This is our Gigaton Carbon Goal – a new ecosystem that harnesses sustainable agricultural practices to make a significant contribution to global decarbonisation efforts. The pilot phase is currently underway, with more 100,000 small and medium-holder farmers supported across 230,000 hectares in Europe, the Americas, and Asia. So far, over 200,000 tons of CO2e of GHG emissions reductions have been certified or are in verification. By 2024, the programme will cover 1 million hectares worldwide and will then be scaled-up to cover more than 100 million hectares.

To make this process equitable for farmers, a Gigaton Carbon Goal carbon credit programme will provide crucial additional revenue. It is a simple way of ensuring that farmers are rewarded, incentivised, and empowered to benefit from implementing sustainable practices, and in time a credit system may develop for improving farmland management, such as by reducing fertiliser application and tillage alongside improving water and residue management; avoiding deforestation, planting new forests, and rehabilitating degraded land with new planting; and by reducing or substituting fuel and energy sources for cleaner varieties. Through working with recognised carbon certification organisations, as well as investing in the development of new and more effective protocols, we can accelerate the move towards climate-positive agriculture and champion farmers as key participants in the climate change solution.

This farmer-centric approach is critical. In Europe and North America, it’s all too easy to think of industrial scale farming and consider rolling out sustainable tools and practices an easy feat. However, the UN Food and Agricultural Organization estimates that between 70-80% of the world’s farms are run by families and a similar percentage of farms are smallholders, operating on just 7% of all agricultural land. These smallholders are already particularly vulnerable to climate change and making a change that even slightly reduces their harvest or profitability risks their and their communities’ livelihoods. That is why economically insulating farmers through the initial shift into sustainable farming practices is so important.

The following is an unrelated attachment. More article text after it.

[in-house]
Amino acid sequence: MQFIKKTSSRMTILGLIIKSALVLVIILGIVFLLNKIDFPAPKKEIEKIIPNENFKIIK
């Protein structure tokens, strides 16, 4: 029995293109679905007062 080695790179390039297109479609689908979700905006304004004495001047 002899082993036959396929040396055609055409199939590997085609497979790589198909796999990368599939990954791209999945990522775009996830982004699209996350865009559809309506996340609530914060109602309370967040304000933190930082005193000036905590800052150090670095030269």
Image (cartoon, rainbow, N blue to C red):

The good news is that farming techniques that improve Soil Organic Carbon (SOC) also improve productivity and long-term profitability, something we’re hearing from farmers who’ve already made this shift. That is why we are working to make sustainable outcomes a reality for all farming communities – whether that’s helping farmers grow more food on less land and perform crop diversification practices, empowering female farmers with stewardship training and Good Agricultural Practices (GAPs), or  exclusively distributing cutting-edge biological solutions that protect staple crops from destructive pests without damaging the environment.

Taken together, we are committed to creating a sustainable, climate-positive agricultural ecosystem with carbon sequestration, GAPs, sustainable solutions, and thriving farming communities at its heart. One that means sustainable practices become self-sustaining, benefitting farmers as much as they benefit the planet and ensuring that these practices continue, now and into the future. Working together, we can nurture this ecosystem so it can nurture us all.

UPL is a multinational company providing agricultural products and solutions, including seeds, biosolutions, crop protection products, and pre- and post-harvest solutions. It has a presence in more than 130 countries.